The Kampuchean constitution, formally approved on January 5, 1976, theoretically vested power in a 250-member, directly elected “Kampuchean People’s Representative Assembly”.  In reality, the body met once in April, and never again.  Unlike the cult of personality grown up around the Kim family of North Korea or that of the Stalinist USSR or Maoist China, all power in the CPK (Communist Party of Kampuchea) belonged to “The Center”, a shadowy, nine-member standing committee of those same leftist intellectuals from the Paris student days, led by Prime Minister and Communist General Secretary Saloth Sar, better known as ‘Pol Pot’.

This nine-member “Angkar”, (pronounced ahng-kah), meaning ‘The Organization’, ushered in one of the great horrors of the twentieth century, a four-year genocide remembered as the “Killing Fields”, of Cambodia.

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Khmer Rouge Uniforms

The “Khmer Rouge”, self-described as “The one authentic people capable of building true communism”, murdered or caused the deaths of an estimated 1.4 to 2.2 million of their own people out of a population, of some 7 million. All to build the perfect, agrarian “Worker’s Paradise”.

Imagine feeling so desperate, so fearful of this alien ideology invading your country, that you convert all your worldly possessions and those of your family to a single diamond, bite down on it so hard it embeds in your shattered teeth and fled with your family to open ocean in a small boat.  All in the faint and desperate hope, of getting out of that place.  That’s but one story, among millions.  And those were the lucky ones.

The very embodiment of the ivory tower leftist intellectual, the Angkar was detached and incapable of connection with the masses.  Theirs was a radicalized ideology, heavily influenced by French communists and the writings of Lenin and Mao and heavily tinged with ideas of racial superiority.  Paradoxically, this was a creed altogether averse to an educated or merchant class and determined to use violence in pursuit of “class struggle”.

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The Khmer rouge set out to create a peasant’s utopia.  An agrarian, atheist state.  Among the first to go were the Buddhist monks, nearly 25,000 murdered most often with a rock, or club.  All religion was banned, repression of Christians and Muslims, extensive.

For generations, European colonists had exploited the mineral resources of “French Indochina”.  Now, abandoned mine shafts filled with the bones of the slain.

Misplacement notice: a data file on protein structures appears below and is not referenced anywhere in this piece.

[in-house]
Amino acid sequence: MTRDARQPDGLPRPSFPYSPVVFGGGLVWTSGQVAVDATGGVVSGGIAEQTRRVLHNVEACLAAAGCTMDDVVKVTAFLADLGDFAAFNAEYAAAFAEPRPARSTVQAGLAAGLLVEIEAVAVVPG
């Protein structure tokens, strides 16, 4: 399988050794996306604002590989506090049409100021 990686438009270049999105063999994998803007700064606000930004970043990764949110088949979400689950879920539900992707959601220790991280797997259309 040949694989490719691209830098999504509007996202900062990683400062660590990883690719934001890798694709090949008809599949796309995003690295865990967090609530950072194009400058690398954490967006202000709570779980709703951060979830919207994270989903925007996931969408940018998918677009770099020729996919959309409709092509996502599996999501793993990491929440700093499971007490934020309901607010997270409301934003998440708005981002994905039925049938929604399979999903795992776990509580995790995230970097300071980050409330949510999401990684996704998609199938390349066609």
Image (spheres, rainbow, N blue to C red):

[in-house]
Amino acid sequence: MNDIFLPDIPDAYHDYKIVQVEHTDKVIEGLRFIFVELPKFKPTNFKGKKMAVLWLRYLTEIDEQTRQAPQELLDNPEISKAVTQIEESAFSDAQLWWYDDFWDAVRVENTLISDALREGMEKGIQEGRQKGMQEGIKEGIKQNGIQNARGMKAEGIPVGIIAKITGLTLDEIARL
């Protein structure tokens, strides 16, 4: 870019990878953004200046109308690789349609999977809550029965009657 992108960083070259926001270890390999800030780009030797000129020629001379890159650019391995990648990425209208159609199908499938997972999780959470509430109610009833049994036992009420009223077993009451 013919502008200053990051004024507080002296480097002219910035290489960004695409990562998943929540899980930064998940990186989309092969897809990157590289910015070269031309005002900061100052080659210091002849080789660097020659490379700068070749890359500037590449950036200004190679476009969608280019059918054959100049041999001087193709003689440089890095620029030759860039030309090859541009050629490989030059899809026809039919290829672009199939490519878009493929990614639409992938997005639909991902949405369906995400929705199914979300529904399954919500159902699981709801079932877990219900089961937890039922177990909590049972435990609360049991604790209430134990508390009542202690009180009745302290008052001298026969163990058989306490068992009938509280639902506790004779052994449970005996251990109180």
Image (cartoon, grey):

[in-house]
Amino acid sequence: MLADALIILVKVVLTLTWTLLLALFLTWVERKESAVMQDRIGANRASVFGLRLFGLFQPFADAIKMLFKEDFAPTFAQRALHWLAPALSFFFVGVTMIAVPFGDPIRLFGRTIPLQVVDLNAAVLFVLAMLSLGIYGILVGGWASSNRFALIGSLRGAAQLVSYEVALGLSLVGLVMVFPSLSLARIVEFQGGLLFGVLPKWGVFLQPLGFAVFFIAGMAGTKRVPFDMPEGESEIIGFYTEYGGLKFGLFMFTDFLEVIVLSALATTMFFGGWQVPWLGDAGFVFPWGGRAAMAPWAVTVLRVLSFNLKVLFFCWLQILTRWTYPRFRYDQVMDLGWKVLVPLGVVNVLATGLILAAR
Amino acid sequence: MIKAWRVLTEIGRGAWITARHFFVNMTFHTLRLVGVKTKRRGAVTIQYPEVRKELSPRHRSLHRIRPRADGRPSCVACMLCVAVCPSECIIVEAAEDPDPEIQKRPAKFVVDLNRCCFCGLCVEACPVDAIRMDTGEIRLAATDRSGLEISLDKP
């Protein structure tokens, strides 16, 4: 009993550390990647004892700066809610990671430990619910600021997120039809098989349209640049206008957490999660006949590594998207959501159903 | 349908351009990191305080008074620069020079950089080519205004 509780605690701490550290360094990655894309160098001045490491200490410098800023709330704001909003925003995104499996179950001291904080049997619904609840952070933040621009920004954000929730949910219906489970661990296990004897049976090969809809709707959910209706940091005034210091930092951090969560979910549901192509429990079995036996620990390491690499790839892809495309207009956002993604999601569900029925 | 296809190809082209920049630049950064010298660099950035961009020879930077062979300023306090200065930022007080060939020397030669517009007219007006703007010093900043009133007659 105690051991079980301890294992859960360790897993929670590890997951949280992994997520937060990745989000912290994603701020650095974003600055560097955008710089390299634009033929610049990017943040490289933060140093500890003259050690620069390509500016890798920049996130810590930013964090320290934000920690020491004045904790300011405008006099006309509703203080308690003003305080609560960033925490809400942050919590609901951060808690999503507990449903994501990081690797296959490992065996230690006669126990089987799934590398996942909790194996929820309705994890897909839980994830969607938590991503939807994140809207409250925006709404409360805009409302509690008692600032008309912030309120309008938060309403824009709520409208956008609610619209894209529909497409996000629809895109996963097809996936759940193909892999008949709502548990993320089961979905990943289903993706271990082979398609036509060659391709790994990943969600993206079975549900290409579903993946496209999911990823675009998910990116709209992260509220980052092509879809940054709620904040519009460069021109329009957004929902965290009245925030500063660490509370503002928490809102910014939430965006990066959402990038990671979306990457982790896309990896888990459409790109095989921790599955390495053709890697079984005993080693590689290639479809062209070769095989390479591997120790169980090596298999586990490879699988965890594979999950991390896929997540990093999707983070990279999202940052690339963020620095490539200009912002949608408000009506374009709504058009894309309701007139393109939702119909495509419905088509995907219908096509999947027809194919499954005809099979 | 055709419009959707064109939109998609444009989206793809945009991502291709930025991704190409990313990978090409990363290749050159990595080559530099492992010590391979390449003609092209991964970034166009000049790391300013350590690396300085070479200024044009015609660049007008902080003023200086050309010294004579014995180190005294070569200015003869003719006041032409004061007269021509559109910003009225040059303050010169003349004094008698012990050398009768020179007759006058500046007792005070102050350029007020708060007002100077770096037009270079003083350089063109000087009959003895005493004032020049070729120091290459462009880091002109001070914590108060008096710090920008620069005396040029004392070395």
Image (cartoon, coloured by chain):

Whole cities were liquidated as “parasitic” and “corrupt”.  Shop owners, business people and educators.  Police officers, government employees and ethnic minorities such as Chinese, Vietnamese and Cham.  All were driven from their homes and murdered as “class enemies”.  Anyone who so much as wore eyeglasses or owned a wristwatch, was as good as dead.

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Today, the Tuol Sleng (“Hill of Poisonous Trees”) Genocide Museum occupies the former  Chao Ponhea Yat High School, operated during the Cambodian Genocide as Security Prison 21.  In its day, “S-21” held an estimated 20,000 people at one time or another – no one knows for sure.   Between 1976 and ’79, only seven adults survived this place.

The Khmer Rouge operated at least 150 such torture and execution facilities.

There, Khmer interrogators extracted “confessions” by torture.  After two to three months, victims would eagerly agree to anything, thousand-word “confessions” weaving true stories into outlandish tales of conspiracy with Vietnamese, KGB and CIA operatives.  Friends, families and acquaintances would be identified in such narratives as they in turn, were brought in for interrogation.

All were turned over to extermination centers, where squads of blank-eyed teenagers awaited with machetes, pick axes and iron bars.  Ammunition was too expensive.

The vast majority of victims were Cambodian, but not all.  488 Vietnamese passed through S-21, as did 31 Thai, one Laotian, an Arab, one Brit, four French, two Americans, a Canadian, a New Zealander, two Australians and an Indonesian. An unknown number of Indians and Pakistanis also passed through the facility.  Not a single foreigner lived, to tell the tale.

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One among some 20,000 mass grave sites, in Cambodia

The Khmer Rouge is estimated to have executed over 1.38 million people in this way, with death by starvation, torture, overwork and disease accounting for some 2½ million more.  Twenty-five per cent, of the entire nation.

The last straw came on April 18, 1978, four miles over the border into Vietnamese territory.  Khmer Rouge troops took a page out of their own playbook, murdering 3,000 Vietnamese civilians in what came to be known as the Ba Chuc Massacre.

The New York Times reported: